Waiting games: Automator

Posted on Jun 7, 2008 in Mac, Opinions

 Automator – which was introduced in 2005 as one of Tiger’s major new features – is a great concept, but unfortunately one that I think is let down by one minor flaw: speed (or more to the point: the lack of it).

For those of you who have never used it, the short explanation is that Automator is a tool to automate repetitive tasks. You don’t need any programming knowledge and instead create “Workflows” by visually arranging “actions” (e.g. you could create a workflow to convert, rename and upload a folder of photos).

Sounds like a brilliant idea, right? The basic premise actually works very well: Apple includes a lot of actions for common tasks and some 3rd party developers also include their own actions that allow you to integrate  their apps into your workflows

But there’s one caveat: On both of the Macbooks I regularly use, workflows can sometimes take as much as 10 – 15 seconds to launch.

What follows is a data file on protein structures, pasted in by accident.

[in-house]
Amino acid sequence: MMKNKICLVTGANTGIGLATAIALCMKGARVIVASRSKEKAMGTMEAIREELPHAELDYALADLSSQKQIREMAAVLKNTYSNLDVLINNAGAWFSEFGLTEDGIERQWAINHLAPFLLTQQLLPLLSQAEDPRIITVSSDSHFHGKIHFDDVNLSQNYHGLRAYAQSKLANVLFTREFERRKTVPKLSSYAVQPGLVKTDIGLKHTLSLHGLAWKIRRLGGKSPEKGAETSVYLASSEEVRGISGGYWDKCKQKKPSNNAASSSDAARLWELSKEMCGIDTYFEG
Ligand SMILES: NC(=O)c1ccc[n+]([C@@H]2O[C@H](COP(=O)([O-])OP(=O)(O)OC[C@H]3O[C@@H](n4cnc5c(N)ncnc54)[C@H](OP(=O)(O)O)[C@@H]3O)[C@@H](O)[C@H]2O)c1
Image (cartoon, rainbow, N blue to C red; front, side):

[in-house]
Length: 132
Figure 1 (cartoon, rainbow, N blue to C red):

Whilst that might not seem very long, when you’re basically just renaming files, 10 seconds is an eternity. It’s made worse by the fact that there’s absolutely no user feedback at all whilst you’re waiting for Automator to kick into gear. Only when you’ve waited those 10 seconds does the “Running” icon appear in the menu bar and you can see Automator begin to process your workflow.

Since workflows often use the “Selected Finder items” action, you also can’t click on any other Finder objects during that delay, otherwise the wrong file will be manipulated, effectively forcing you to wait and click nothing else until a workflow launches.

When you take a look behind the scenes using Activity Monitor, you can see that a process called “Automator Runner” is launched almost immediately. But I assume the lag is due to the runner telling the other applications involved (in most cases probably the Finder) what to do. 

I think in order for Automator to be truly useful, launching these types of actions needs to be “snappy”: Once clicked the workflow should launch no more than 2-3 seconds later, allowing the user to get on with something else. Any longer than that and users either assume it “hasn’t worked” or gives up in frustration. 

Please Apple, fix it  – for the little Robot’s sake.